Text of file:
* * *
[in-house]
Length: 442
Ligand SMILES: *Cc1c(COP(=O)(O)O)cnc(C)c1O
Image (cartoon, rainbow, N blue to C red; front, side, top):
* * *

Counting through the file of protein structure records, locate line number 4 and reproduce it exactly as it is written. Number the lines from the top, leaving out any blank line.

Image (cartoon, rainbow, N blue to C red; front, side, top):